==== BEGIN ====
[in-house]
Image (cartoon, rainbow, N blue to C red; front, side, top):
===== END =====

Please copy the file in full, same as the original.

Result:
[in-house]
Image (cartoon, rainbow, N blue to C red; front, side, top):